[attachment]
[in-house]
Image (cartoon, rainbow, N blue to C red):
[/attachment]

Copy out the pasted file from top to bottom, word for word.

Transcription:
[in-house]
Image (cartoon, rainbow, N blue to C red):